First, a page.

In our book, we include a letter written to Randy Cohen, author of the ethics advice column for The New York Times. The letter describes a group of men who have played poker together for many years. Now one of the men has been “stricken” (the term used by the writer) with AD, making the game less enjoyable for the other participants. They wish to know the most ethical way to ask their long-time friend to absent himself from their gatherings.
We often share this letter in our presentations to caregivers and ask how they would respond to the writer. One outraged woman suggested that the response should begin with the words “Dear selfish bastard,” which drew hoots and cheers from other participants. Friends and care partners of those experiencing progressive memory loss know full well what it is like to be abandoned by long-time friends. We also share Cohen’s response to the writer and invite participants to critique it, which they do with gusto. But although Cohen’s answer is disappointing, he does give us a helpful phrase when he suggests that perhaps there is a way to “reconfigure your gatherings” in a manner that would permit the friend with AD to participate, at least on an occasional basis.
As we grow older, all of us will be forced to “reconfigure our gatherings” for a wide range of reasons. We have dear friends whose tennis group has been an important circle of friendship for decades. Most of their members are now in their sixties, and several have been forced to give up tennis because of illness or injuries. Yet they still call themselves “the Racketeers” and gather regularly for meals and other social events—tennis initially brought them together, but it is friendship that sustains them.
Progressive memory loss sometimes calls for creativity and imagination to reconfigure gatherings so that sustaining friendships can continue. One woman told me the story of her mother’s “sewing group.” Her mother, who is in her mid-eighties and has been diagnosed with AD, has participated in this group for more than fifty years. Somewhere along the way sewing became less important than socializing, so in recent decades the ladies have focused on playing cards (a game called “sheepshead” that appears to be unique to Wisconsin) and chatting. Over the years, several members have died or moved away, and two “younger ladies” (now in their mid-seventies) joined the group.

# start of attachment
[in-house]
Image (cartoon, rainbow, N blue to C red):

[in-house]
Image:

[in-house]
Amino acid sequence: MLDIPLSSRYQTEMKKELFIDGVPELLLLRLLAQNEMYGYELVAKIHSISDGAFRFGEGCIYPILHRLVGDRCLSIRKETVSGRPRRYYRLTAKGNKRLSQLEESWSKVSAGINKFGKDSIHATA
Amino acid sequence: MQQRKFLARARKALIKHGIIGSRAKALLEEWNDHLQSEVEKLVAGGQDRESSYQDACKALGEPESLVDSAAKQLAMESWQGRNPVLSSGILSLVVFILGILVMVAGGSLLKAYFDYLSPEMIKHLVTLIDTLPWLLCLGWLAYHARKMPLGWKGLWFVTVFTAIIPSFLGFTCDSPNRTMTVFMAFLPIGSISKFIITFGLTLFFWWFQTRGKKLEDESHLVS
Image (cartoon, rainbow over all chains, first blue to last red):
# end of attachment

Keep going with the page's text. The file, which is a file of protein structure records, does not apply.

One day the mother announced to her daughter that she did not think she would participate any longer. Knowing how important the group was to her, the daughter gently prodded her for the source of the decision. Mother finally confessed that she was anxious about driving herself to the gatherings (something her daughter had been anxious about for well over a year). “Would you still like to participate if I drove you?” she asked, and her mother happily accepted the offer. For a full year, this arrangement worked well, and soon two other daughters were serving as chauffeurs, often remaining to chat with one another while their mothers played cards.
Then her mother announced once more that she did not think she wanted to continue with the group. More prodding revealed that her mother was aware that she was not playing cards as well as she used to and feared that she was ruining the game for others. It had become clear to the daughter that her mother was not the only member of the group contending with memory loss, so she pulled the other daughters together for some brainstorming. They proposed to their mothers that the group substitute dice for cards, a suggestion that was enthusiastically embraced. The group still gathers on a regular basis, the daughter told me, “and it is usually one of the ladies with Alzheimer’s who wins!”
Too often, circles of friendship that provide important social support are discontinued when someone concludes “this does not work anymore.” That observation should always lead to the question “What would work?” In this case, a dedicated daughter asked that question twice, and each time came up with an answer that not only allowed her mother’s group to continue, but also established an important new web of friendship among daughters serving as caregivers. We will all need to reconfigure various gatherings in the years to come; may we do so we this kind of loving creativity!